Many of us today have a tendency to romanticize the old studio moguls, especially when compared to the bland corporate chieftains of today. Not Douglas. “When it came to the blacklist, they were the guilty parties,” he says. “They loved to push around writers and actors,” but they didn’t have the guts to stand up to Washington. “They all caved in when they could’ve taken a united stand and stopped it.”

In the end, what really mattered was the bottom line. For all of Douglas’ courage, the real end of the blacklist came when, despite scattered protests, Variety reported in late December 1960 that “Spartacus” and “Exodus,” the two films that openly gave credit to a blacklisted screenwriter, were No. 1 and No. 2 at the box office that month.

After Hollywood saw that the public had no problem paying good money to see movies written by an ex-communist, it found its lost courage in a hurry. When I asked Douglas if he thought people in Hollywood were more courageous today, he fell silent. Finally, he said, “Some people are. But everyone? I’m not so sure.”

 

EMMYS: Ballots Go Out, Race Heats Up As Spartacus Meets Spartacus At TV Academy

Pete Hammond DEADLINE.COM June 5,2012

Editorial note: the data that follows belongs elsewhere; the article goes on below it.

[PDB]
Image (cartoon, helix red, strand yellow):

Emmy voters received official ballots in the mail today with instructions that they must be returned by 5 PM on June 28. However, voting can’t actually take place until ballot listings are posted at a secure Emmy address online after 6 PM Monday, June 11th. With the race for nominations (they will be announced July 19) moving into the home stretch, campaigning is heating up — particularly at the Goldenson Theatre of the Academy of Television Arts & Sciences, where almost nightly screenings/panels with TV casts and creators are taking place. None are endorsed or sponsored by the Academy itself. Studios and networks rent out the space to give their shows the aura of Emmy but on invitations must specifically stress that it is not an Academy official activity. These events have been happening with regularity since April and May and will continue right up to the close of voting. Among those campaigning in June are CBS’ Blue Bloods (June 5),The Glee Project (June 7), Paul Simon’s Graceland Journey: Under African Skies (June 8), Leverage (June 9) and a Grammys event  (June 11). On June 10th, Matt Weiner will fly back from the southern location of his feature directorial debut to appear with virtually the entire cast of 4-time Emmy-winning drama series Mad Men as they participate in a screening/discussion/reception for the season finale of the show two hours before it airs on AMC.